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New York Times: Political Reader for Teens

How might we help teens to get into the habit of reading the New York Times? 

 
 
 

THE PROBLEM

The New York Times is an American news institution with worldwide influence. In the internet era where much of the news is free and the average age of a New York Times subscriber is steadily increasing, how can we grow the number of subscriptions to the NYTimes and make reading the New York Times a habit?

THE SOLUTION

We created the NYTimes Political Reader Mode, which helps to educate teens on political current events. When in this reader mode, teens can see supplementary information about current events which give them more context on the issues. 

 

 

Scope: 5 Weeks

Categories: UX Research, UX Design, Prototyping

Role: Research, idea generation, prototyping

Collaborators: Abhinav Sircar and Glenda Capdeville 

Advisor: Renda Morton (NYTimes) 

 

 

THE SOLUTION

 

 

 

 

Background INFORMATION

When in the NYTimes Reader Mode, politics articles start off with a quick background on the issue to contextualize the teen. By expanding the sections, you can learn more about specific terms and events mentioned in the article. 

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THE TIMELINE

The Times has a rich repository of past articles. Linking relevant past articles that are relevant to the article help to contextualize the series of events 

 

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SOCIAL MEDIA ENTRY

Leveraging existing behaviors of teens, we thought to use social media, such as Instagram or Snapchat as an entry point for teens to enter the NYTimes Reader mode.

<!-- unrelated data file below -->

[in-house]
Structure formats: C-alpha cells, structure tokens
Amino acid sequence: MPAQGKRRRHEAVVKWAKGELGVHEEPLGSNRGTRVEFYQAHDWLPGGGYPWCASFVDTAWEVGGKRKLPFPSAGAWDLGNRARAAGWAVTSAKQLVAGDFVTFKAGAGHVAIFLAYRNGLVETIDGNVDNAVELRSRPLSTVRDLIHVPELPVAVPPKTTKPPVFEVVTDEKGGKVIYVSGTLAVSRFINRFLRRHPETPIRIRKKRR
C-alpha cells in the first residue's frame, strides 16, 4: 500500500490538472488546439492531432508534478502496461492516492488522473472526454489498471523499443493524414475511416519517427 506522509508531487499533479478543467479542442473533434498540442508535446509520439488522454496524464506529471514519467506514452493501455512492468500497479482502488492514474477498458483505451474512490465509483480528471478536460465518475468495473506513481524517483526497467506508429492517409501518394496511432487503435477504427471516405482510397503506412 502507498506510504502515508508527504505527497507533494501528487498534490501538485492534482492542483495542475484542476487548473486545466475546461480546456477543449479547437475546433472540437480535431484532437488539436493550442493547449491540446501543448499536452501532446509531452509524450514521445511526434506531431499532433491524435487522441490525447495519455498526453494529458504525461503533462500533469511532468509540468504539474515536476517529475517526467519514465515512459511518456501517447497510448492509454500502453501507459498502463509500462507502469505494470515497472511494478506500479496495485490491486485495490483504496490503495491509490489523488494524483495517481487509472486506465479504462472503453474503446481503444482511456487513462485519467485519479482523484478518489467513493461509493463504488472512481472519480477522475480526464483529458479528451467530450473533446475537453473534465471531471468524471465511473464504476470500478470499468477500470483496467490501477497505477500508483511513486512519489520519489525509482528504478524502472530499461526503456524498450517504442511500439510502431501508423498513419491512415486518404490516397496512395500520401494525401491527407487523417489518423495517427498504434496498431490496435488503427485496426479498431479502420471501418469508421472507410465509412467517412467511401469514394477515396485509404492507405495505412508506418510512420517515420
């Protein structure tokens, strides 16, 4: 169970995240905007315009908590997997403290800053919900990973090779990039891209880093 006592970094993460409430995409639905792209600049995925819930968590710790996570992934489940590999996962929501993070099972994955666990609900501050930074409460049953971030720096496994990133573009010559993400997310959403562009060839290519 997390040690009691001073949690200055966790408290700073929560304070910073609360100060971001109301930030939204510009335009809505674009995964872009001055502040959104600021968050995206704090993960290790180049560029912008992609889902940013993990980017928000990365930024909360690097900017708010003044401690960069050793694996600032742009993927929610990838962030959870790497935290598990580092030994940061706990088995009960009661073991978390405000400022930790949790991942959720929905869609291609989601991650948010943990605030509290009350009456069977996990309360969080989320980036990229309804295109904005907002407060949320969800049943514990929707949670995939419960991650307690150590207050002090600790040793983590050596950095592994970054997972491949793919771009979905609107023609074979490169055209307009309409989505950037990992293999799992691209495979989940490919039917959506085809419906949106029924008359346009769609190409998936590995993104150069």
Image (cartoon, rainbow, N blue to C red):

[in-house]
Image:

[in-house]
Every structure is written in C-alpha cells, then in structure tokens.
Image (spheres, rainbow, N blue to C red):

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OUR DESIGN PROCESS

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INTERVIEWS

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We interviewed children, adolescents, young adults, and parents to understand current news reading habits at different stages of life. From these interviews, we discovered that there was a clear inflection point where adolescents started to become more curious about politics and current events. We also learned that the NYTimes was considered reputable but not accessible to most of our interviewees. We therefore saw this desire to understand politics as an opportunity for the Times to make their platform more accessible. 

 

IDEATION

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THE USER

Through our interviews, we noticed a pattern where teenagers started to become interested in politics and current events. Often, they tried to get more information from their parents and peers. Because we saw the need to learn about politics as a opportunity, we decided to focus on teenagers age 14-18. 

 

THE USER Journey

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WIREFRAMES

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KEY LEARNINGS

  • When considering a mobile platform, we need to consider Fitt's law. 
  • Contradictory interactions can be confusing to users
  • Project direction can change from unexpected research findings
  • Leverage existing resources